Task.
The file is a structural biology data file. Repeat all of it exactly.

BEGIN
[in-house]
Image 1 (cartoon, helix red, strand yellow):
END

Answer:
[in-house]
Image 1 (cartoon, helix red, strand yellow):